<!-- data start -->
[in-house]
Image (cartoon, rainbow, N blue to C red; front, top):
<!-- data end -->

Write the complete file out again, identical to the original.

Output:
[in-house]
Image (cartoon, rainbow, N blue to C red; front, top):